Non Objective Design, c. 1940s, oil on canvas board, 16 x 12 inches, Exhibited at Greenfield’s solo memorial exhibition at the John Wanamaker Gallery in Philadelphia in October 4 to 14, 1949, #21 (listed in the brochure and labeled verso: “Title: Non Objective Design; Artist: Etelka J. Greenfield; Size: 12 x 16; Medium: Oil: Price: $350; Address: 10 South 18th Street, Philadelphia, Penn.”)
About the Painting
Reflecting on his pupil’s work, the prominent Philadelphia portrait painter, Lazar Raditz, commented, “Etelka Greenfield’s adaptability, her open-mindedness in style and technique w[ere] outstanding for any artist, but most especially for one of her years.” Much of Greenfield’s work reflected a form of precise academic realism akin to Luigi Lucioni, but in Non Objective Design we see a thoroughly modern painting which successfully combines elements of abstraction and surrealism with a bright palette reminiscent of the later works of fellow native Philadelphian Arthur Beecher Carles, Jr. Greenfield uses a variety of surface techniques to depict the abstract designs across the canvas, including thin layers of wash, sprinkled coarse sand in the pink area, and thick applications of impasto which are worked into vertical lines in the center white section, a grid structure in the yellow section in the lower left and a series of peaks and valleys in the upper right. The overall feeling of the canvas owes a debt to the artists of the Fifth Avenue Cubists and the American Abstract Artists Group who were working at the time Greenfield painted Non Objective Design. But, Greenfield isn’t a copyist. Her abstracted patterns have a dynamic movement from lower left to upper right, which break free from the formal staid structures of many pre-war abstractions. And, belying its title, Greenfield depicts recognizable figures and objects amid the abstract patterns. Greenfield’s art historical and pop culture “easter eggs” include a figure to the left whose face is obscured by a pipe (think - Magritte’s The Treachery of Images – Ceci n’est pas une pipe), a figure in the right middle playing a violin or cello (think – any number of cubist paintings by Picasso or Braque), and the horn of a gramophone (think – the famous tagline and logo “His Master’s Voice”). Combining these elements, we are left to wonder is Greenfield hearing the voices of the great French modernist masters?
About the Artist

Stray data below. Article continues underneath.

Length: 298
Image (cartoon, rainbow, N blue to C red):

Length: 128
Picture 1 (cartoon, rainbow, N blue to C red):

Etelka Greenfield was a little-known, but critically acclaimed Philadelphia-based painter of the late 1930s and 1940s. Born in Cincinnati, Ohio, as Etelka Joseph, Greenfield moved to New York City and then studied in France and Switzerland. In 1937, she married Albert M. Greenfield, a prominent Philadelphia real estate investor, department store developer, banker, businessman and philanthropist. Both Greenfields supported charitable causes in Philadelphia with Etelka associating with the Bureau of Colored Children, which provided services to children in the foster care system. Etelka was a linguist and poet before she began her career as a painter in the late 1930s at the age of fifty. At first, she worked alone, but then studied with Lazar Raditz, who painted many portraits of Rockefellers, DuPonts, and many other famous society figures. Greenfield painted privately for many years before she began to show her work in public. She was devoted to her craft and dedicated a portion of each day to working in her studio. During the short three years in which she publicly exhibited her work, Greenfield’s paintings were shown at the Pennsylvania Academy of Fine Arts, the Woodmere Art Gallery (now the Woodmere Museum), the Toledo Museum of Art, the Contemporary Art Association of Philadelphia, and the Pyramid Club (Philadelphia). From her earliest entries in public exhibitions, she drew praise, including from C.H. Bonte, one of Philadelphia’s most important art critics of the time. Even as she fell gravely ill, Greenfield continued to paint from her hospital bed. Upon her death, a solo memorial exhibition of approximately sixty of her paintings, watercolors and pastels was held at the John Wanamaker Gallery in Philadelphia. The Philadelphia Inquirer noted that over 7000 people attended the ten-day exhibition, and it had been extended by a week, reflecting the unusually high interest in Greenfield’s work. In reviewing the show, Katherine Dunlap, an Inquirer columnist wrote, “the exhibition is remarkable in many ways; for its evidence of highly developed talent, its versatility; for its examples of varied techniques and variety of subjects and for its changes in style and in pace as she interpreted the many moods and manners she was willing to investigate.”